¶45  In Robinson, a division of this court rejected Texaco’s argument that it was an “instrumentality” of the state, in part, because any liability imposed on Texaco would be paid by Texaco, not the state’s taxpayers. Robinson, 155 P.3d at 414. Here, by contrast, according to undisputed evidence in the record, CTSI has no financial autonomy, but is instead funded by the various self-insurance pools. Indeed, the record shows that CTSI credits any unused money back to the pools it serves. Accordingly, any tort liability imposed on CTSI would be paid by the self-insurance pools and, therefore, the state’s taxpayers, not CTSI. See id.

¶46  Accordingly, we conclude, as did the district court, that CTSI is a public corporation under the test enunciated in Public Employees and in light of Robinson and Moran. Because CTSI is “public,” it is “governmental” in nature, and because it is undisputed that CTSI “serv[es] as an intermediary” to the Pool, see Robinson, 155 P.3d at 413, we similarly conclude, as did the district court, that CTSI is an “instrumentality” of the Pool and, thus, a “public entity” under the CGIA.

¶47  Alternatively, we conclude that, based on the undisputed evidence discussed above, CTSI is also a public entity under section 24-10-103(5) because, like the Pool, it is also a separate entity created by intergovernmental cooperation between or among other public entities. See Griffin v. Capital Securities of America, Inc., ___ P.3d ___, ___ (Colo. App. No. 09CA1659, Sept. 30, 2010) (cert. granted Mar. 14, 2011) (appellate court can affirm a correct result on any ground supported by the record). As noted, the documents submitted with the C.R.C.P. 12(b)(1) motion to dismiss make clear that CTSI was created and formed by various counties as a separate nonprofit corporation to operate exclusively for the purpose of lessening the burden on those county governments and self? insurance pools, including the Pool here. Accordingly, CTSI fits squarely within the statutory definition of “public entity,” as a separate entity created by intergovernmental cooperation between or among other public entities.

¶48  In sum, we discern no error in the district court’s conclusion that both the Pool and CTSI are entitled to immunity under the CGIA and public entities.  

D. Notice

¶49   In their principal briefs on appeal, all parties present arguments relating to whether the Lyonses’ purported notice to the Pool and CTSI was adequate under the CGIA. However, because we have concluded that the Lyonses’ bad faith claim is a tort, and because we have concluded that the Pool and CTSI are public entities immune from liability, we need not address whether the Lyonses provided adequate notice pursuant to section 24-10-109, C.R.S. 2011.2See State v. Zahourek, 935 P.2d 74, 78 (Colo. App. 1996) (“Because we have concluded that defendants’ counterclaims were barred by the GIA, we need not address whether defendants gave timely notice of their claims . . . .”), aff’d sub nom. Graham v. State, 956 P.2d 556 (Colo. 1998); see also Jordan, 876 P.2d at 41.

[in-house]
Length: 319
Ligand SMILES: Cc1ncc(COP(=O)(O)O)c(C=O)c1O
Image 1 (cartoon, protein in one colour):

III. Discovery

¶50  The Lyonses next contend that the district court abused its discretion by implicitly rejecting their request to conduct discovery on whether the Pool and CTSI waived their immunity pursuant to section 24-10-104, C.R.S. 2011. We are not persuaded.

¶51  Under section 24-10-104, “the governing body of a public entity, by resolution, may waive the immunity granted in section 24-10-106 for the types of injuries described in the resolution.” The type of resolution contemplated by this section is a formal legislative action approved by a majority of the public entity’s governing body. Pierson v. Black Canyon Aggregates, Inc., 32 P.3d 567, 570 (Colo. App. 2000), rev’d on other grounds, 48 P.3d 1215 (Colo. 2002).

¶52  If a public entity raises the issue of sovereign immunity before or after commencement of discovery, “the court shall suspend discovery, except any discovery necessary to decide the issue of sovereign immunity.” § 24-10-108, C.R.S. 2011.

¶53  Generally, pretrial discovery matters are within the district court’s discretion. Wenz v. Nat’l Westminster Bank, PLC, 91 P.3d 467, 469 (Colo. App. 2004) (citing Leaffer v. Zarlengo, 44 P.3d 1072 (Colo. 2002)). The district court’s discretion includes rulings limiting discovery. Id. On appeal, we will not disturb a discovery ruling absent an abuse of discretion, which occurs only when the court’s decision is manifestly arbitrary, unreasonable, or unfair. Id.

¶54   Here, after the Pool and CTSI filed their motion to dismiss, the Lyonses filed a motion to stay all proceedings in this case until the underlying lawsuit between the Lyonses and the banks was resolved. They also filed a substantive response in opposition to the Pool and CTSI’s motion to dismiss. In their response to the motion to dismiss, the Lyonses requested that the district court permit them to conduct discovery on whether the Pool or CTSI waived their immunity by resolution under section 24-10-104, while, at the same time, they argued that the court should suspend any such discovery until the court ruled on their motion to stay. In its written order, the district court simultaneously granted the Pool and CTSI’s motion to dismiss and denied the Lyonses’ motion to stay. On appeal, the Lyonses argue that the district court abused its discretion “by refusing the Lyons[es] the opportunity to discover whether the Pool and/or CTSI had waived immunity.”

¶55  Initially, we fail to see how any of the district court’s actions precluded the Lyonses from conducting discovery on the waiver of immunity issue. The Pool and CTSI expressly raised the issue of immunity under the CGIA in January 2010 in their answer to the Lyonses’ bad faith claim, and the Lyonses were free to conduct any discovery on immunity issues, including waiver under section 24- 10-104, from that point on. Indeed, in its order granting the Pool and CTSI’s motion to stay, the court expressly excepted from the stay any proceedings as to the immunity issue. By their own admission, the Lyonses chose not to conduct discovery on the immunity issue because of a perceived need to maintain consistency between their positions in this case and the underlying lawsuit. But that was their choice. We discern no reason why merely conducting discovery on the immunity issue - as they were already permitted to do - would prejudice the Lyonses on the merits of the Pool’s declaratory judgment claims or the banks’ claims in the underlying lawsuit.